Lamps and lighting fixtures (although both have to be UL approved for factories to sell) are really two different things. Remember that when you get your electrical inspection they aren't concerned with what you are going to plug into your outlets, only what is directly wired to the house.

With all of this said, it seems as though you are intent on making your own lighting fixtures. Therefore, you should go to a lighting showroom that repairs fixtures and find out the correct wiring and sockets that you will need. If they are any good, you can bring a design of what you are trying to do and they can assist you with selecting the right items.

    Bookmark   March 28, 2007 at 7:57AM
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Since we're building, I'm keeping a notebook with clippings from magazines that have ideas or products I like. I clipped an article from a recent issue of House Beautiful that gives directions on how to create a personalized pendant lamp using a purchased shade and hardware.
The lamp shown was made from hardware from Home Depot and Grand Brass Lamp Parts website (
I regret I cut off the part of the page that tells what issue it is, but it is under their regular "Weekend Shopper" column and should be pretty easy to find at a library that carries periodicals.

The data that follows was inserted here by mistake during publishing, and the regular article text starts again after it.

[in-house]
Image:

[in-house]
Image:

It's a 2-page article that includes a diagram of the parts you need and how they should be assembled to construct a pendant lamp.
I only began subscribing to the magazine late last fall, so I'm sure the article is a fairly recent one. I haven't tried, but you might be able to go to the House Beautiful website and search out the article online.

    Bookmark   March 28, 2007 at 3:18PM
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Great idea. I wouldn't worry about UL rating of the fixture so long as the essential components (sockets) are rated.

    Bookmark   March 28, 2007 at 8:45PM
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Thanks, all. And amck, thanks for the reference. Last night HGTV showed them making a chandelier but with no instructions. I know architects design fixtures all the time. I'll make sure it's safe; don't want a fire in the new house.

    Bookmark   March 29, 2007 at 9:00AM
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Not to wreck your DIY mojo, but lighting can be had pretty cheap from IKEA, if you live near one - not sure how much of it is mail-orderable. Lots of interchangeable pendants and shades.

    Bookmark   April 4, 2007 at 7:26PM
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Chemocurl zn5b/6a Indiana

Just last week, I happened upon a very pretty dining room chandelier at the Goodwill, for a friends rental house. It was all intact, and it was in excellent condition.

It was priced at $15, but with the Wed. senior 30% off, (age 55 in our area) it was only $10.50 b4 tax.


    Bookmark   April 6, 2007 at 1:48PM